He started the book at two-fifteen on a Saturday afternoon in early December. There were other things he’d rather be doing—watching the Notre Dame game, for instance, or even listening to it on the radio—but that was freezing rain slashing down outside the window, predicted to turn to snow by nightfall, and the power had been out for over an hour. Barb was at the mall, indulging her shopping disorder, Buck was away at college in Plattsburgh and the dog lay in an arthritic bundle on the carpet in the hall. He’d built a fire, checked the hurricane lamps for fuel and distributed them around the house, washed up the breakfast dishes by hand (the dishwasher was just an artifact now, like the refrigerator and the furnace) and then he’d gone into Buck’s room in search of reading material.

His son’s room was another universe, an alien space contained within the walls of the larger, more familiar arena of the house he knew in all its smallest details, from the corroding faucet in the downstairs bathroom to the termite-riddled front porch and the balky light switch in the guest bedroom. Nobody had been in here since September, and the place smelled powerfully of mold—refrigerated mold. It was as cold as a meat locker, and why not? Why heat an unoccupied room? John felt for the light switch and actually flicked it twice, dumbfounded, before he realized it wasn’t working for the same reason the dishwasher wasn’t working. That was what he was doing in here in the first place, getting a book to read, because without power there was no TV, and without TV, there was no Notre Dame.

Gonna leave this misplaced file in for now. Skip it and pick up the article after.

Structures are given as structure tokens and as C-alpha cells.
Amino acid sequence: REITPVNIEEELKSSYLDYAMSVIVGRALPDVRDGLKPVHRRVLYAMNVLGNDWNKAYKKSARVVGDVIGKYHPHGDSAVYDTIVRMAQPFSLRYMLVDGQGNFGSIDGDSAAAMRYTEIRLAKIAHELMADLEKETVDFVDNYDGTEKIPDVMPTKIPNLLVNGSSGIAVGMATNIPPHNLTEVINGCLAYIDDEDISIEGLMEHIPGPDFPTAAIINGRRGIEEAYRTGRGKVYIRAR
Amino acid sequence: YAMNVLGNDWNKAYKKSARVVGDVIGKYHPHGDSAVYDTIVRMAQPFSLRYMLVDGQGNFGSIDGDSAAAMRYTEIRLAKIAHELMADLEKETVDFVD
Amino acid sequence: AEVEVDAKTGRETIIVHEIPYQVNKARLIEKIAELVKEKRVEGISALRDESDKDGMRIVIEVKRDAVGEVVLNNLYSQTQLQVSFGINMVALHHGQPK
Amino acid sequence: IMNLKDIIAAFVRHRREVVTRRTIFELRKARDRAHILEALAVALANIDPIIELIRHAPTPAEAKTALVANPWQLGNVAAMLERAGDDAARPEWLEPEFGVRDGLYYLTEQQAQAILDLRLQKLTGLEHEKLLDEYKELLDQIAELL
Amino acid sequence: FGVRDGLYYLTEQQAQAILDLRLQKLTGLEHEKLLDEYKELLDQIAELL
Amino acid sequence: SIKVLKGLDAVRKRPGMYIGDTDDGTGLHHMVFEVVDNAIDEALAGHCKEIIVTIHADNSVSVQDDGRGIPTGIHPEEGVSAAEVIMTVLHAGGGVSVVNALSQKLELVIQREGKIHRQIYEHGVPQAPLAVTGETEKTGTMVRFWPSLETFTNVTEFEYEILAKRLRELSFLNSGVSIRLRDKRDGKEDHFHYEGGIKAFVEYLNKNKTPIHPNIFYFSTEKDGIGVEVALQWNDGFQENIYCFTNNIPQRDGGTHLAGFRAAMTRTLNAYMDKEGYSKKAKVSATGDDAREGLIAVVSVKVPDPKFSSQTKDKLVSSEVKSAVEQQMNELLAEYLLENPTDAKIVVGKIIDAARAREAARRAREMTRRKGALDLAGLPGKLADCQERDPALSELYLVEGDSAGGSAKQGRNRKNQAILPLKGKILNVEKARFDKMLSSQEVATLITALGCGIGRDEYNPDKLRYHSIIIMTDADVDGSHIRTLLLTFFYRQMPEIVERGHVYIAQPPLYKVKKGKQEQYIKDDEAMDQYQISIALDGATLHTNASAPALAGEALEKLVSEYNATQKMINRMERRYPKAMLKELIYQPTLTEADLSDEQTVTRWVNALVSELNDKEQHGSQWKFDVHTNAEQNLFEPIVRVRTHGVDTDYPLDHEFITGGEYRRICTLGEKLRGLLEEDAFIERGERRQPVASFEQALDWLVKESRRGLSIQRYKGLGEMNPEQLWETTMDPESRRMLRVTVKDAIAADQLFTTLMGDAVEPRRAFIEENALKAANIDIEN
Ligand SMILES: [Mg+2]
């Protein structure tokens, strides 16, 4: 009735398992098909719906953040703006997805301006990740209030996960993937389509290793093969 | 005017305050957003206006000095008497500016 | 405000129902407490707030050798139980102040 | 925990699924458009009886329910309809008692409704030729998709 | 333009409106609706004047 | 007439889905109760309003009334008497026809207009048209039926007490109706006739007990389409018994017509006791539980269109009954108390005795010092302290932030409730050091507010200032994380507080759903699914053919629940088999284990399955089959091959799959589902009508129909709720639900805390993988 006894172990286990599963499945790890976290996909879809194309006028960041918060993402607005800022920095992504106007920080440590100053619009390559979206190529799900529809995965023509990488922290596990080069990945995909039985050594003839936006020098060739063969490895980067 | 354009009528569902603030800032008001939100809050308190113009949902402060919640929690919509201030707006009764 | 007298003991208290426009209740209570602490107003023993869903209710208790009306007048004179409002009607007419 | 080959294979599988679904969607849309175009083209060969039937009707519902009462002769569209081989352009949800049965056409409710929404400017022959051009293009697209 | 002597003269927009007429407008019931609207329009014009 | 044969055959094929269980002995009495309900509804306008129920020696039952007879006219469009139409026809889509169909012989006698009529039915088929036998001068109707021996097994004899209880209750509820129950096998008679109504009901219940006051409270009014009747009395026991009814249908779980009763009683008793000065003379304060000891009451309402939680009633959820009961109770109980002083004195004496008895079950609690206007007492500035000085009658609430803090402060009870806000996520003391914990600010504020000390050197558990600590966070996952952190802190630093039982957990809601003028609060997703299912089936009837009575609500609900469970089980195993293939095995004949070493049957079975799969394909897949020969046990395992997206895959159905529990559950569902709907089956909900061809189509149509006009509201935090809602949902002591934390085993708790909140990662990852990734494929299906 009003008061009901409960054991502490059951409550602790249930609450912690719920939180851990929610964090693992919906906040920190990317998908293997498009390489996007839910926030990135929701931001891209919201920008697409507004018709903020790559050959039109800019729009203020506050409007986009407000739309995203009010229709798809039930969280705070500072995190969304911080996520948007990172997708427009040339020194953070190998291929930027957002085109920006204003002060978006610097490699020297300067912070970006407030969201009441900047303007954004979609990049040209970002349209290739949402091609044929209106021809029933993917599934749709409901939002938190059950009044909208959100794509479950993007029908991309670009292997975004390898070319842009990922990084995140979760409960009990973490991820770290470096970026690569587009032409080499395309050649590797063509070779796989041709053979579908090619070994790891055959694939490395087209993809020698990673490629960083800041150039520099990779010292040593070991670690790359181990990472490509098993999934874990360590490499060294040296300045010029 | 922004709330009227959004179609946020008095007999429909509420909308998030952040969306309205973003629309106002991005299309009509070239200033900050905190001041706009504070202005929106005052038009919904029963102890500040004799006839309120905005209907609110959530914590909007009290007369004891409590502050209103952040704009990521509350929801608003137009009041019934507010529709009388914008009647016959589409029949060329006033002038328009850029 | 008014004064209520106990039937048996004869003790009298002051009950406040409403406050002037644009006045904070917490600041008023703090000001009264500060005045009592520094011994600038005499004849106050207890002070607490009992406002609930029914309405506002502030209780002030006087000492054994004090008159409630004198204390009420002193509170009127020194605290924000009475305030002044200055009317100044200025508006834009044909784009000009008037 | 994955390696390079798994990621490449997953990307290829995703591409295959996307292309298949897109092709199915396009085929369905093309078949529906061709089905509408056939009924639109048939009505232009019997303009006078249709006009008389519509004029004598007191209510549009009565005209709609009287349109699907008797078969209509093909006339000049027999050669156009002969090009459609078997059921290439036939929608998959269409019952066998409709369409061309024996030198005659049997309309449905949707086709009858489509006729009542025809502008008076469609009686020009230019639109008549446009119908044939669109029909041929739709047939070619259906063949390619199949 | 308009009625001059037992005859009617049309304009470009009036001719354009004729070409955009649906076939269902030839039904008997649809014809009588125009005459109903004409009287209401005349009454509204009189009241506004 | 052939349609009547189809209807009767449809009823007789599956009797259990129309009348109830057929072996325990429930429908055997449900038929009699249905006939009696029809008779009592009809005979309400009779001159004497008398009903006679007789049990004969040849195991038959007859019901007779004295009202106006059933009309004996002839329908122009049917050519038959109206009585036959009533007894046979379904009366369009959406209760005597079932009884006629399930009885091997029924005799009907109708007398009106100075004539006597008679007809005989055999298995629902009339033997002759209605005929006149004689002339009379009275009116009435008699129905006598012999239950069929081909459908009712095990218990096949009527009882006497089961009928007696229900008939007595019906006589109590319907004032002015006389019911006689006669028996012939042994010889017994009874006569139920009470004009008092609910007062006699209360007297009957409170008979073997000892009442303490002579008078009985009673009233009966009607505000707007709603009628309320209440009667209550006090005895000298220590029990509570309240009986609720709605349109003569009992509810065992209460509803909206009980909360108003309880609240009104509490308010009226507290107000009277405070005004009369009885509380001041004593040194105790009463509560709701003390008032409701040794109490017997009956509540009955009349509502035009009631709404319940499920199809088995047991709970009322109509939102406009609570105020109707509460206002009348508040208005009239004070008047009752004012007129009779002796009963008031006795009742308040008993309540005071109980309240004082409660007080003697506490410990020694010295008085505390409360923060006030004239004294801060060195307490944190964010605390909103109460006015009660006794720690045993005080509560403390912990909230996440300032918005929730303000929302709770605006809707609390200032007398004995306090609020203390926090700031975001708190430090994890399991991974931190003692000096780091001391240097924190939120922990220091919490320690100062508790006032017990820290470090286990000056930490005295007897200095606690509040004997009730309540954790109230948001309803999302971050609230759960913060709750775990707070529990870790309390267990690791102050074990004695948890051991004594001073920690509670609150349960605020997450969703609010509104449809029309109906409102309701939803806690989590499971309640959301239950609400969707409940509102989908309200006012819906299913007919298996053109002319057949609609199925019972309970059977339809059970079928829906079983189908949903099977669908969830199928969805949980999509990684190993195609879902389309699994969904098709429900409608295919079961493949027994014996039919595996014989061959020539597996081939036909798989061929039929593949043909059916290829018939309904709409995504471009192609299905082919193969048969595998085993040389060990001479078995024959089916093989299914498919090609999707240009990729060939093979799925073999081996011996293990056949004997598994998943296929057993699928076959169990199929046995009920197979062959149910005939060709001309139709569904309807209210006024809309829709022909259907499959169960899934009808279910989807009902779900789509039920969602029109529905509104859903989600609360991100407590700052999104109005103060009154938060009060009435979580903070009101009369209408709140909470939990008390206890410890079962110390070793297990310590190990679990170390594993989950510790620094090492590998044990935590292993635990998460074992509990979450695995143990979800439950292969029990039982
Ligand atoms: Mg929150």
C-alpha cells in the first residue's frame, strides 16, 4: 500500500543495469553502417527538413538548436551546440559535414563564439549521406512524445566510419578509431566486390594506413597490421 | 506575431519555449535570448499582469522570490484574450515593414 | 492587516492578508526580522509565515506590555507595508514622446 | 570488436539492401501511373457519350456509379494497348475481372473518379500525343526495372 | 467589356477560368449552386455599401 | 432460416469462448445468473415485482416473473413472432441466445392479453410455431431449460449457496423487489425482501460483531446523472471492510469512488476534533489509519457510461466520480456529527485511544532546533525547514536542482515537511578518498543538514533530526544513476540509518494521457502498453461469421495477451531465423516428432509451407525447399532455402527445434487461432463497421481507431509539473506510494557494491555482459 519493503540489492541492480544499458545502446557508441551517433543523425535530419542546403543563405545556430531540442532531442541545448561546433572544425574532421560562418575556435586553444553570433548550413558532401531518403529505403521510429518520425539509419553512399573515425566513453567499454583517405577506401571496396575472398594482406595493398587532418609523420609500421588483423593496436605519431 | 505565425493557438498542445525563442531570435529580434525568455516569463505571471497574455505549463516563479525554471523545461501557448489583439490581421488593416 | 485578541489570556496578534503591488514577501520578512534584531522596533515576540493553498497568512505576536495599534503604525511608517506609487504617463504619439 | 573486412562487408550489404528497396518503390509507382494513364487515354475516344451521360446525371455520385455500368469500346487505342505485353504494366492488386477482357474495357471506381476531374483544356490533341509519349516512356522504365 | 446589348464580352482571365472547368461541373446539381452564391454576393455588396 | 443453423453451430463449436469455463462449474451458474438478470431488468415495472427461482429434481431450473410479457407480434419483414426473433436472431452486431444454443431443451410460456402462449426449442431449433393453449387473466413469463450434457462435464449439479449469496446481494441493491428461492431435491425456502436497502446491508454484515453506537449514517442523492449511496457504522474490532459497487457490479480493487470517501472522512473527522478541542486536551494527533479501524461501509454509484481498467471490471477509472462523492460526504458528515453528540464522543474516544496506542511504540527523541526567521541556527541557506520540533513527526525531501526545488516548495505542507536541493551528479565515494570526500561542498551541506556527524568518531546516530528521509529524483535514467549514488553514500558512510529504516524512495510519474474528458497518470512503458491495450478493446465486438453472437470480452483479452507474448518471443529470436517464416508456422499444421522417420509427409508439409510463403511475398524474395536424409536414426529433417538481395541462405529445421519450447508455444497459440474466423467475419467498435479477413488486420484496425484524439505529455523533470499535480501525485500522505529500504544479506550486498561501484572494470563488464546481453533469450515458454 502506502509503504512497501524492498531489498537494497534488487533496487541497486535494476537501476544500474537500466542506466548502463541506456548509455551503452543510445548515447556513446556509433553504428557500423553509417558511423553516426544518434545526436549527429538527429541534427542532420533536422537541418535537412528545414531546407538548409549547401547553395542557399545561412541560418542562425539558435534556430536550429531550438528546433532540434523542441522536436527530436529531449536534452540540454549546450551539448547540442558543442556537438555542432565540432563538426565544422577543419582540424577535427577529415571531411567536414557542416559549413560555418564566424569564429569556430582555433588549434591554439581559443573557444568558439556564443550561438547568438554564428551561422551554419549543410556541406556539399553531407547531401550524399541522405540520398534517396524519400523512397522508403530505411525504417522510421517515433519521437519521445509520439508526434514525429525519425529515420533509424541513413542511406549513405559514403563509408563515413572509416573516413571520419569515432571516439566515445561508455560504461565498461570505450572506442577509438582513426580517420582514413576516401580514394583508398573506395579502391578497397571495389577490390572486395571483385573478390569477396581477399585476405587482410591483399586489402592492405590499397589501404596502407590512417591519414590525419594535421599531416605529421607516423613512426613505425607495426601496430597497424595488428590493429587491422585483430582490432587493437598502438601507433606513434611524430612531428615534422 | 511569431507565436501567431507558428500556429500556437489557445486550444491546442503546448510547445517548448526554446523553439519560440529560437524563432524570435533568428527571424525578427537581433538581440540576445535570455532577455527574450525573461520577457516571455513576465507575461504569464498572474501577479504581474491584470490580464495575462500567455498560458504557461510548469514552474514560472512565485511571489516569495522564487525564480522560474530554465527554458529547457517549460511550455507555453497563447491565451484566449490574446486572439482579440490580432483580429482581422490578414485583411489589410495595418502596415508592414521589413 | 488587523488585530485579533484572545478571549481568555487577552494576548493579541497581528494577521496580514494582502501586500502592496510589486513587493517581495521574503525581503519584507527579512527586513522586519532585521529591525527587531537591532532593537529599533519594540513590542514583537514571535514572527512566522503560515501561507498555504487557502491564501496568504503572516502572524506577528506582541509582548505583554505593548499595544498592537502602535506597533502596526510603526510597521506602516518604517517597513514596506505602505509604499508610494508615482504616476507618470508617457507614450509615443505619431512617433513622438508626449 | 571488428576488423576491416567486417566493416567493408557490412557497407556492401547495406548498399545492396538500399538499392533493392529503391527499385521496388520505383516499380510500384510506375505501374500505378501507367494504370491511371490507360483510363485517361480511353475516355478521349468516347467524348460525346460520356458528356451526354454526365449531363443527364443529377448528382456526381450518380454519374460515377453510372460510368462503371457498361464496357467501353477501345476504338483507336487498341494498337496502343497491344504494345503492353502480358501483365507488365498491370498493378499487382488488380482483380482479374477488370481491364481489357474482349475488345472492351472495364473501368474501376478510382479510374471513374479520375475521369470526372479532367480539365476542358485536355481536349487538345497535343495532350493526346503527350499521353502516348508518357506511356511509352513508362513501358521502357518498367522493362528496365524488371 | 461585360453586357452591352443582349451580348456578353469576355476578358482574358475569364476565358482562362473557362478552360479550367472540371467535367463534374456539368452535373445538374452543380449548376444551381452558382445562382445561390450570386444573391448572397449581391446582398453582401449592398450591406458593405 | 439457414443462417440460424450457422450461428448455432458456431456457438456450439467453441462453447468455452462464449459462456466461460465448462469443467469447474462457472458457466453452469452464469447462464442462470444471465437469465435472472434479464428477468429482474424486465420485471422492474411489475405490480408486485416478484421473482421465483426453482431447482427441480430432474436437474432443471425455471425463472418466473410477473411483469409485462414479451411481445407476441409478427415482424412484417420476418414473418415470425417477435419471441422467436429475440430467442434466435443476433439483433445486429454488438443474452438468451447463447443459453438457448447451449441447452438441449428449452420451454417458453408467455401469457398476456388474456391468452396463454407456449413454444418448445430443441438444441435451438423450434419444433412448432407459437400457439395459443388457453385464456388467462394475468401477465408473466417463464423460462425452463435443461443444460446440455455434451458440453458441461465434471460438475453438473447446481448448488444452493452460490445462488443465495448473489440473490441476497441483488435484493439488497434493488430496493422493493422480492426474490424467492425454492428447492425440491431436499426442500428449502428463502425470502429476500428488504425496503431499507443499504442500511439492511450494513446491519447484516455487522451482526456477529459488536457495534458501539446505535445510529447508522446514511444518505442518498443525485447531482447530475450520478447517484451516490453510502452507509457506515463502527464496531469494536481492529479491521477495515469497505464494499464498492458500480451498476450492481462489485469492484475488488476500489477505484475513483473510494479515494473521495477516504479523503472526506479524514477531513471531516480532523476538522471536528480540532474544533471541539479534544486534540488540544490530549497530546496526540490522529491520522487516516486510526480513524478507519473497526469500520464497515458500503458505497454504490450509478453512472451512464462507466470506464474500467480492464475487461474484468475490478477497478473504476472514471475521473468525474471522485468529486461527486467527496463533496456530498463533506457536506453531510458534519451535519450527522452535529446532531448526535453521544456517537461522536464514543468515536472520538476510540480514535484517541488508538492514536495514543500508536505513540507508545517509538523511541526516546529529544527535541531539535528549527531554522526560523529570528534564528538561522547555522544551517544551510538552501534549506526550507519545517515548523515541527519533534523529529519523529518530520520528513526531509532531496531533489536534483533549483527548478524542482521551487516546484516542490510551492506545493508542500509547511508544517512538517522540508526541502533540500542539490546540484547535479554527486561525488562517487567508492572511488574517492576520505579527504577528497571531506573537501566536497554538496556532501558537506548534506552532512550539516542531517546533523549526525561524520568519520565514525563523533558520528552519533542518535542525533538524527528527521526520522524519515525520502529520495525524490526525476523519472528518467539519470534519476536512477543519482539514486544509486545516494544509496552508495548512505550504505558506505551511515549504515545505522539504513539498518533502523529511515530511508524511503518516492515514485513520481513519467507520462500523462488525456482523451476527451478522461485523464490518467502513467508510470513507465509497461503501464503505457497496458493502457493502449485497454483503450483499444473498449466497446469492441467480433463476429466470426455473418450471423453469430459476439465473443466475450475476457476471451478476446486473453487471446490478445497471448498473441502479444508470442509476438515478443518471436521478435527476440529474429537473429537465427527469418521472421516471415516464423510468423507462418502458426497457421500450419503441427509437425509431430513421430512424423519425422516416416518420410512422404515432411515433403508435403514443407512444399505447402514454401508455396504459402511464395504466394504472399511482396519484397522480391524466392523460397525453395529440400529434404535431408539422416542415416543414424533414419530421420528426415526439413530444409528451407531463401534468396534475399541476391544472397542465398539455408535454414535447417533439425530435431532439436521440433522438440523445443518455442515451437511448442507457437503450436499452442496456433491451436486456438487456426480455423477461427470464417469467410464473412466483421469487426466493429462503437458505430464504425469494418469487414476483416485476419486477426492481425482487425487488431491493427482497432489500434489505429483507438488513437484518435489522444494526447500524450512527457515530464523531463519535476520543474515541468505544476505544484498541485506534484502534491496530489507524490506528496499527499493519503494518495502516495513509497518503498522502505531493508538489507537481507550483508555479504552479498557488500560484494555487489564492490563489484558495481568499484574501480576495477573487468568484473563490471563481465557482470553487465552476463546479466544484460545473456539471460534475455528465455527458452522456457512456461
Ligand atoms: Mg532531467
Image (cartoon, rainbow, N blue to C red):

He crossed the faintly glutinous carpet and cranked open the blinds; a bleak pale rinsed-out light seeped into the room. When he turned back round he was greeted by the nakedly ambitious faces of rap and rock stars leering from the walls and the collages of animals, cars and various body parts with which Buck had decorated the ceiling. One panel, just to the left of the now useless overhead light, showed nothing but feet and toes (male, female, androgyne), and another, the paws of assorted familiar and exotic animals, including what seemed to be the hooked forefeet of a tree sloth. Buck’s absence was readily apparent—the heaps of soiled clothes were gone, presumably soiled now in Plattsburgh. In fact, the sole sartorial reminder of his son was a pair of mud-encrusted hiking boots set against the wall in the corner. Opposite them, in the far corner, a broken fly rod was propped against the bed above a scattering of yellowed newspapers and the forlorn-looking cage where a hamster had lived out its days. The bed itself was like a slab in the morgue. And that was it: Buck was gone now, grown and gone, and it was a fact he’d just have to get used to.